Friday, December 15, 2006

Troubling News

I'm reading: Troubling NewsTweet this!

I'm not one to get hyped up over e-mails about child abductions fowarded to me by well-meaning friends. Very few children are randomly kidnapped. And most such incidents have to do with estranged family members. I'm too lazy to lay out the statistics, but go ahead and Google away to see for yourself.

But this chilling story about a case of random sexual abuse is straight out of this morning's Chicago Tribune, so I assume it's legit. It literally and figuratively strikes way too close to home.

According to the paper, an 8 year-old boy was playing video games in a Mt. Prospect Wal-Mart while his mom shopped elsewhere in the store. A "man 'stalked' the boy in the electronics aisle before police believe he 'led [the boy] away to another part of the store and sexually abused him,'" according to a police officer. The boy told his mother and she alerted the store management and they contacted the police.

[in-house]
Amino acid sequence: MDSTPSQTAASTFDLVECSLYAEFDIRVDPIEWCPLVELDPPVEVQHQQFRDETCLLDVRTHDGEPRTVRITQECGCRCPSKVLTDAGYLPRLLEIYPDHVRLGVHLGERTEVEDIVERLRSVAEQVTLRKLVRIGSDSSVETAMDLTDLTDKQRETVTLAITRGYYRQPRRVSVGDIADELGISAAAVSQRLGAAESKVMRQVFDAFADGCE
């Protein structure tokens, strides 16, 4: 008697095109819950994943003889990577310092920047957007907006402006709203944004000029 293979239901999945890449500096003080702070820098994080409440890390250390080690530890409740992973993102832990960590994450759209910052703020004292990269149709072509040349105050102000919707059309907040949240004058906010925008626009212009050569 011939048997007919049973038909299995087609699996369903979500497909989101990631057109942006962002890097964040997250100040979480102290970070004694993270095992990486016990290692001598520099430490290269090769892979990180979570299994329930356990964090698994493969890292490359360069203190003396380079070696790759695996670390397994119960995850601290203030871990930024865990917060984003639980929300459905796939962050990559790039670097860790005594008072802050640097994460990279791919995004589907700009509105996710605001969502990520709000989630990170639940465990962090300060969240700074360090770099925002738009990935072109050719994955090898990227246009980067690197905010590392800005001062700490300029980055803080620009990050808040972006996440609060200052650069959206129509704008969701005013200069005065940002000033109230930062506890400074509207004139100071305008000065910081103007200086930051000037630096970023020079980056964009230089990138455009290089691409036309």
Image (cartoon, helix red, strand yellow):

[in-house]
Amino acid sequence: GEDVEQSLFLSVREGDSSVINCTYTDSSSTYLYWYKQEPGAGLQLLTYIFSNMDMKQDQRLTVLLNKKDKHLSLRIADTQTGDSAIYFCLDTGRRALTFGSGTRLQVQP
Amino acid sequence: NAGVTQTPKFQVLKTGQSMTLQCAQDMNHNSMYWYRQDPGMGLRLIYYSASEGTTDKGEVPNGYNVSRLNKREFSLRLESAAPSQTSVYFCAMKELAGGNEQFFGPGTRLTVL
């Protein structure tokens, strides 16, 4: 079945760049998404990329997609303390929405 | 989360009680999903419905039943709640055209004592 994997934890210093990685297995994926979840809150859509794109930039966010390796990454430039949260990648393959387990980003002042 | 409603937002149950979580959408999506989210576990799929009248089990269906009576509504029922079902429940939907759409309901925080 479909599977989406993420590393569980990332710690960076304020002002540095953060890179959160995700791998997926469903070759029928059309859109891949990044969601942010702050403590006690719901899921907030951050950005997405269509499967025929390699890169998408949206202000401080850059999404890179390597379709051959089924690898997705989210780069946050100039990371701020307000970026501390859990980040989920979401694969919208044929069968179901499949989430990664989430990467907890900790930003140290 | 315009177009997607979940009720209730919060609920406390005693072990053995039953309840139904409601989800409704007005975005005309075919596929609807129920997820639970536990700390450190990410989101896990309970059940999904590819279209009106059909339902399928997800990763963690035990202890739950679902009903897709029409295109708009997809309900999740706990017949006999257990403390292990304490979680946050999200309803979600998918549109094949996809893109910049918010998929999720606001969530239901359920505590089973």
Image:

Granted, I don't step into my local Wal-Mart, but every time we head to Target the boys beg to play the video games. It's always under my watchful eye, but as they get older they need more space and independence. I mean, you can't drag your 9 year-old boy into a women's restroom or locker room. As noted here, I've tried to discuss issues of boundaries and acceptable behavior, but, ah, not always very successfully (click the link).

Back in my childless days I visited a friend with a newborn. I couldn't understand how she could ever let the baby out of her sight. I mean, what if the kid stopped breathing or something? Then I had my own child and I learned to relax, let go and trust (okay, some who know me may argue this point a bit), but it's a scary world out there.

Maybe you do it better than me. Any advice?

1 comment:

Patti said...

I'm walking that same tightrope here, only WalMart's not the only scary place. We have our very own neighborhood RSO. So I even have to supervise bike riding down the sidewalk.

So just good luck teaching them independence, and keep them safe.